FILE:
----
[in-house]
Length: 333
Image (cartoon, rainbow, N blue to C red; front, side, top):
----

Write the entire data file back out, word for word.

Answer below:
[in-house]
Length: 333
Image (cartoon, rainbow, N blue to C red; front, side, top):